This week for the BookBrunch interviews, I talk to comedian and author Sara Pascoe about feminism, comedy and her brand new book, Animal. You can find the full article, right here.
Comedian Sara Pascoe sits in a room at the Faber offices surrounded by piles of her new book, Animal: The Autobiography of a Female Body. She speaks quickly, as if each of her thoughts are eager to be expressed first, and uses her hands expressively to illustrate her points.
We’re here to talk about Animal, but in our half-hour chat the conversation zips from feminism and publishing to empathy and burning orangutans, all set against the backdrop of her career as a comedian.
Continue reading “BookBrunch | “How can we be good?” An interview with Sara Pascoe”
This fortnight for BookMachine, I just had to jump on the Kamila Shamsie train, and because I believe that content is king (call me naive!) I had to put in my pennyworth about female protagonists. Read the full article on the BookMachine blog, or get started right here:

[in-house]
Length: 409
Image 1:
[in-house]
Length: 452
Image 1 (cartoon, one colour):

Just over a week ago, author Kamila Shamsie spoke out publically, including in The Guardian and The Bookseller, proposing that 2018 should become the Year of Publishing Women (YPM), in order to help counterbalance the prevalent gender bias in Publishing towards male authors.
Continue reading “BookMachine | Authorship versus content representation: What’s the way forward for equality?”
Another fortnight, another BookMachine column! This time, it’s all about the faceless model on bookcovers and how marketing with imaginative space separates Publishing from other industries. Read the full article over on the BookMachine blog – but here’s a taster to get you started:
There is a growing tradition in book publishing to use faceless models on book covers. Tried and tested, models whose faces are hidden are good at selling books. But what’s the psychological process behind this trend? What are the consequences of this marketing method for the reader and should we be keeping an eye on them?
Continue reading “BookMachine | Imaginative Space: The role of the faceless model on fiction book covers”